Rock and a hard place.
Going heavier and faster increases the effectiveness of the training, but increases the risk of injury in the process.
Going lighter and slower reduces the risk of injury, but decreases the effectiveness of the training in the process.
Questioning the Premises
And instead of acknowledging this limitation of the tools being used, strength & conditioning coaches reason backwards from their conclusions to convince their athletes—and themselves—that the unavoidably high levels of dangerous acceleration is a feature, not a bug!
“Explosive training primes the nervous system to be explosive during competition.”
In essence, the situation has gone from the appropriate take of “The way we’re doing it has serious limitations, but it’s the best option we have because we’re limited by the tools we have available to us,” all the way to, “This approach does not have any limitation in terms of unnecessary injury risk, and it’s actually the best possible way to train these athletes since that’s the way we’re doing it.”
We know that becoming stronger and increasing fast-twitch fiber expression makes for a more explosive and powerful athlete. Can we do either of these while moving at a speed that will not produce excessive peak forces?
When you’re using weights it’s tough. Mechanical tension stimulates strength increase, and in order to move slowly the athlete will be forced to reduce the weight being used.
Mechanical tension is also required to place the necessary force demand on the muscle fibers to cause their differentiation into fast-twitch phenotypes.
So we’re stuck with low levels of weight in the interest of safety, which means our improvements in strength and in fast-twitch fiber expression will be limited.
Adaptive Resistance™ to The Rescue
ARX completely solves this problem. A given muscle or group of muscles can be made to produce their maximum-possible magnitude of force—in both the concentric and eccentric phases—using ARX’s matched Adaptive Resistance™.
There is no muscular capacity left unused during a maximal effort on an ARX machine.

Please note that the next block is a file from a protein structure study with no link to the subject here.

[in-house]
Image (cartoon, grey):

This means that mechanical loading is maximized. And as we learned, that means that the strength stimulus and fast-twitch fiber expression is maximized. And all at a slow, controlled speed of motion that would normally make such mechanical loading impossible.
So ARX gives the athlete greater levels of mechanical tension than are possible with weights, at safer speeds than are possible with meaningful levels of weight-loaded resistance.
In the short term, the ARX training completely avoids the excessive peak forces that could cause injury because the resistance responds to the user in real time. This means that even though F still = MA, and ARX maximizes the “M” in that equation (there are still “peaks”), they can never become excessive because the forces produced by the user can never be mismatched to the forces applied to the user by the machine in response.
So you drastically reduce the risk of injuries during training.
In the long term, this mechanical loading enhances the athlete’s bone density and ligament/tendon thickness. The maximal eccentric contractions also provoke a greater capacity for that muscle to absorb force over time. So you get fewer injuries during competition.
Drastic reduction in training injuries. Drastic reduction in competition injuries. While being more effective in the process.
But We’re Not Done Yet
We’ve established that ARX’s adaptive resistance is more effective than weight lifting for developing an athlete’s explosive power.
We’ve just shown that ARX reduces training injury risk and increases in-competition resistance to injury in the process.
But these are not the only advantages of using ARX for athletic strength and conditioning. Join us soon for Part V, where we explore another overlooked element of an athlete’s training: time commitment.